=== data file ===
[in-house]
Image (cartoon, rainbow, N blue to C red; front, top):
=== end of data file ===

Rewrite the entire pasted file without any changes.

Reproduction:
[in-house]
Image (cartoon, rainbow, N blue to C red; front, top):